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What is the speed of dark? (space)

  1. Sep 4, 2004 #1
    My question is what is the speed of dark?

    Does space the black of space have a speed?

    Many Thanks
    Blair Styles
  2. jcsd
  3. Sep 4, 2004 #2
    darkness is the absense of light
    so in that aspect it always everywhere, but can't be added or removed faster than c.
  4. Sep 4, 2004 #3


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    try c..........
  5. Sep 4, 2004 #4

    c can change
    what i was saying given the speed of c in the environment darkness is limited by it.
  6. Sep 4, 2004 #5
    or you could say that darkness is instantious and that light is just in the way of it but it is there its just that photons are blocking it and that when they are gone it is instnatly there.
  7. Sep 5, 2004 #6
    Darkness is the abscence of light, therefore the speed of darkness is the speed it arrives, therefore the same as the speed of the departure of light. The speed of darkness = the speed of light
  8. Sep 5, 2004 #7
    c, the speed of light in vacuum, is a fundamental constant of nature, to wit 299.792.458 m/s precisely (because it defines the meter). So it cannot change. The speed of light in a can change though depending on the medium.
  9. Sep 5, 2004 #8


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    It depnds what you mean by the 'speed of dark as it could be interpreted in sevral ways. For example there is no limit on the coordinate velocity of a shadow.
  10. Sep 5, 2004 #9
    So you're the one that has found the "precise" speed of light in a vacuum. I look foward to reading your papers. I'm espically interested in how you created a perfect vacuum to test it. Maybe you should have said the aproximate speed of light in a vacuum is .....and whats this part about it defining the meter?

    The speed of darkness is 0. It does not move, travel, or propigate in any way. It may appear that way, and the comments saying it is relative to the speed of light seem consistant with our observations. One might ask what is the speed of no electricity in a conductor.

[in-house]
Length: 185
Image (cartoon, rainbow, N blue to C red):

Last edited: Sep 5, 2004
  11. Sep 5, 2004 #10
    when I said c changes it was assumed i meant in accordance with differnt mediums
  12. Sep 5, 2004 #11
    It's really just a matter of notation but c is the value of the speed of light in vacuum. So it's better to say, the speed of light (not c) is different for different media.

    About the speed of light in a vacuum; it is exactly 299792458 m/s because it is the definition of the meter. A meter is the distance light travels in a vacuum in 1/299792458 second. So If the speed of light in vacuum turns out to be a little different than previously measured this changes the distance of one meter and not the constant c!
  13. Sep 5, 2004 #12
    My next question is based on the statment that you said "The speed of darkness is 0".
    My question is if this is true then what about a black hole's does it move in space if the answer is yes then i must ask again.
    What is the speed of dark?
  14. Sep 6, 2004 #13


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    "Dark" is not a well-defined physical concept, so this thread cannot possibly be anything but philosophical. I am thus moving it.

    - Warren
  15. Sep 6, 2004 #14
    Thank you for moving my post i was unable to define my question as to ascertaining the right place to ask if space can be used as a form of energy by using the sound from a planet to generate enough power to start a black hole thus traveling in time.

    Many Thanks
    Blair Styles
  16. Sep 6, 2004 #15
    Darkness is a well defined physical concept it is the absense of light, duh! However, the vacuum flux guarantees their will always be some small amount of light as long as there is spacetime. Hence, what we call darkness is relative and obeys the Uncertainty Principle. This means, of course, that it's speed can be greater than that of light, especially since it carries no energy or information.
  17. Sep 6, 2004 #16
    Space had information in it?
    What about planet earth and the sun they full of information and can also generate energy that energy can be used as power or am i way off?

    If the sun makes a sound then that energy must move in space or does space move the energy?
    Last edited: Sep 6, 2004
  18. Sep 6, 2004 #17


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    Ohhh... well, in that case, this belongs in TD, and you deserve a warning. Personal theories are not welcome here, and you are thus in violation of PF guidelines. This is a science website, not a science fiction website.

    - Warren
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